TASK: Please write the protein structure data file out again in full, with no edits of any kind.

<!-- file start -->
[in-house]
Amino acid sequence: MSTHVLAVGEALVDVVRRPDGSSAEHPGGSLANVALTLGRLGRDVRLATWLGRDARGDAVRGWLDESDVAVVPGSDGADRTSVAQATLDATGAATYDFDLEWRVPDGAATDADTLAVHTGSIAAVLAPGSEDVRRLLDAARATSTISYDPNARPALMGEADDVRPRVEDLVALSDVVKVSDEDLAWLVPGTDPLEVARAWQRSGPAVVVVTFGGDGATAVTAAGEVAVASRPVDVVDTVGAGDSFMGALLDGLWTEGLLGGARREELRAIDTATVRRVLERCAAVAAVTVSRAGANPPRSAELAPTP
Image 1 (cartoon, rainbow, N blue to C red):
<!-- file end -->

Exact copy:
[in-house]
Amino acid sequence: MSTHVLAVGEALVDVVRRPDGSSAEHPGGSLANVALTLGRLGRDVRLATWLGRDARGDAVRGWLDESDVAVVPGSDGADRTSVAQATLDATGAATYDFDLEWRVPDGAATDADTLAVHTGSIAAVLAPGSEDVRRLLDAARATSTISYDPNARPALMGEADDVRPRVEDLVALSDVVKVSDEDLAWLVPGTDPLEVARAWQRSGPAVVVVTFGGDGATAVTAAGEVAVASRPVDVVDTVGAGDSFMGALLDGLWTEGLLGGARREELRAIDTATVRRVLERCAAVAAVTVSRAGANPPRSAELAPTP
Image 1 (cartoon, rainbow, N blue to C red):